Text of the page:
In late summer or early fall the large, yellow seed heads of sunflowers will be ripening. If gardeners can fend off the birds and other wildlife trying to eat the seeds, they can save some sunflower seeds for planting the following year. The bright yellow blooms will accent a rainbow garden, feature in a yellow garden or brighten up any space.

When to Try Planting Sunflower Seeds

Sunflower seeds are usually best sown directly outdoors in the late spring.

Wait until after the last frost date and then prepare a place for them where they will get at least 6 hours of full sunlight each day. If you are going to try to start your sunflower seeds indoors, use a biodegradable peat-type pot to lessen any transplant shock and transfer the plant outdoors before it is more than 4-5" tall.

How to Plant Sunflower Seeds

Plant the sunflower seeds only about a deep as the seed itself is long at the maximum. Smaller sized sunflowers can be spaced a foot apart. Larger varieties will need to be spaced as far apart as three feet. This allows mature plants enough space for the seed heads to ripen without bumping into each other and knocking the ripe seeds off before gardeners ave a chance to harvest them.

Most sunflower seeds, especially those with edible seeds, are large enough to handle without the need for seed sorters or seed tape. This is one reason why sunflowers make an excellent choice for a children's garden as well. Gardeners will want to mix plenty of humus, compost or other soil enhancers into the ground as sunflowers tend to be heavy feeders.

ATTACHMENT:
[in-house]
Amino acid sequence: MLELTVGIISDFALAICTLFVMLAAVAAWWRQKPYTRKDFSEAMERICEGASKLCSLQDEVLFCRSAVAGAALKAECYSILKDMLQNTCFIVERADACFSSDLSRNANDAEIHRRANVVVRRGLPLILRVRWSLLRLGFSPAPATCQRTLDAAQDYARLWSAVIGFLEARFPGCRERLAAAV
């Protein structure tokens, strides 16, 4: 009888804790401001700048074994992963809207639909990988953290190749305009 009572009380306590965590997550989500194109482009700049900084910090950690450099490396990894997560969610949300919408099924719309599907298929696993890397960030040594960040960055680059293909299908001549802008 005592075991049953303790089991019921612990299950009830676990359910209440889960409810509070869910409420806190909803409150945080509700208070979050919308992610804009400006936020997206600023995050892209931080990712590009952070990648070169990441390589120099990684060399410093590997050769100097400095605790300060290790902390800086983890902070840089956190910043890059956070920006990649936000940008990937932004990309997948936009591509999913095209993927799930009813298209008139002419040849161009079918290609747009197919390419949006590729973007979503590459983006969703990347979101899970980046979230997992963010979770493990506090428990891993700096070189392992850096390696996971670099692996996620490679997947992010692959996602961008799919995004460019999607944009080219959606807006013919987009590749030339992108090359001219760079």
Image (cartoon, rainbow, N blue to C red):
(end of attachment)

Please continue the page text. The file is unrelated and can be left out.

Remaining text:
Sunflower lovers can tell you that birds and other critters might try to steal newly planted sunflower seeds. Cover the row with mesh, hide seedlings under milk jugs until they are rooted enough to be unpalatable, or use other deterrents to keep squirrels and birds away.

Growing Sunflower Plants from Seeds

Sunflowers can be slow starters and tiny seedlings don't seems to grow very rapidly. Gardeners should place mulch around the base of their new plants, but be prepared to stake sunflower plants as they begin to grow. Once they get going, sunflowers are able to out-compete and out-grow many weeds, making them easier to maintain in the home vegetable garden than many other plants.

Most pests and diseases are not a bother to the sunflower, however, more than one gardener has said that their gorgeous looking plants were felled overnight by a hungry squirrel or flock of birds. For most gardens the biggest threat will be critters wanting to eat the bountiful seeds. To preserve their harvest, gardeners can cover the ripening seed head with pantyhose, mesh or cheesecloth to help keep the predators off the seeds.

Planting sunflower seeds is easy and can help even the smallest, most enthusiastic gardener feel successful in their gardening attempts.